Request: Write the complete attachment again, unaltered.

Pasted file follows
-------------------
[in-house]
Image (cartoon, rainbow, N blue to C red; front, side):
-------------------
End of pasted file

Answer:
[in-house]
Image (cartoon, rainbow, N blue to C red; front, side):